Meetings that Can Change Everything, Part III

Published August 22nd, 2011 in Blog, Leadership

I was stunned recently when a long-time client called to say, “Our team is not functioning well. We need help…soon.”

While it’s not uncommon to hear a team is struggling to be effective, it was a huge surprise with this particular group. I’d been working with them for many years and had always known them to be nothing short of high performing. It was hard for me to imagine them in a “dysfunctional” place.

When I arrived a few days later, my plan was more about discovering the issues than “fixing” the people. I truly wanted to understand what was causing a mature, productive team to unravel at their virtual seams. We began the process by exploring the flow or  “current,” with a deeper dive to confront the undertows. What exactly was dragging this team under?

When I asked team members to describe their “current reality,” the answers were fascinating. They used words like ragged, stressed and overwhelmed.  Tensions were running high and hot. People were feeling defensive and reactive.

Rapid even relentless change was a major theme in our discussion. For months the company had been reaching for ways to become more efficient and competitive.  Resources were limited and goals were aggressive. Everyone was being stretched…too the limit.

My first impression was “change fatigue.” The group obviously needed a moment to stabilize before tackling the next initiative, but there was more to uncover. The symptoms and causes were morphing into a new (and very dysfunctional) brand.

Conflict had become a real threat. Where they had once enjoyed productive and constructive dialogue, they were now sniping at and about each other.  Pseudo teams had formed and clichés had emerged. Clearly the established ground rules and communication agreements had been thrown overboard.  (As we worked to diagnose the problem a hospital metaphor popped into my head. If trust were a “patient” in this place she’d be in on life support.)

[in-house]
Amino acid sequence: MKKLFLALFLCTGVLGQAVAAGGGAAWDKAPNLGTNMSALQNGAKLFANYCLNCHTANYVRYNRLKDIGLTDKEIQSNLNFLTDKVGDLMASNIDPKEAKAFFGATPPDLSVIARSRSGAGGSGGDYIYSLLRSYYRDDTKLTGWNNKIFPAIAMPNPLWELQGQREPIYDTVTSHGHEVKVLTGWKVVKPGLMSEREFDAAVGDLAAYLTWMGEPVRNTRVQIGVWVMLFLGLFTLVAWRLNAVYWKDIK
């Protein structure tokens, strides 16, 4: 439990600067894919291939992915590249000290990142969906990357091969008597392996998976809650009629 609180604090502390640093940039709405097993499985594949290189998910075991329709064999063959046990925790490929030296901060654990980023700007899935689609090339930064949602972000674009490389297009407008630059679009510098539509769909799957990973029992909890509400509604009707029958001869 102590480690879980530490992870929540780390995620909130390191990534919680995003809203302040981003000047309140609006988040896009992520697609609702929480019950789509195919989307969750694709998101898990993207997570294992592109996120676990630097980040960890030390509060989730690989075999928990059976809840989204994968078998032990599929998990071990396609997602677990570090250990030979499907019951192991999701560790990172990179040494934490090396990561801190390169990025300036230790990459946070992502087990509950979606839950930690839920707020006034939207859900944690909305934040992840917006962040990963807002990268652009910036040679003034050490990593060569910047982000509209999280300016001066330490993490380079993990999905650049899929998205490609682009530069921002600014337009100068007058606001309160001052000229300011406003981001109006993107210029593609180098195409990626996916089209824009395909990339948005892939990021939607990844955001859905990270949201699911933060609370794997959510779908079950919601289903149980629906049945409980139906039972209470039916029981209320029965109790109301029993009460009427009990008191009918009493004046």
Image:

This team had slipped a gear, and these new patterns of behavior were chipping away at the culture. The rapid decline was astonishing! And there was definite fallout: a top producer had just resigned and another was actively seeking a new opportunity.  Good people were leaving for all the wrong reasons.

What may have been most telling happened when I asked the group to share recent accomplishments and breakthroughs. The room fell silent.  These fabulous people were struggling to recall a success!

They had become so focused on the deadlines and next steps they completely lost sight of how far they had come or how they’d grown.  That’s like climbing a mountain without ever stopping to admire the view.

Then it struck me. This team had not forgotten how to be a team; they had forgotten to value the process and recognize the progress. The constant emphasis was on “”what’s next.”

That’s an exhausting way to work (or live)! We absolutely must sense our progress. It is to be noted and celebrated and…studied. This is so important because our past achievements light the path for the next success.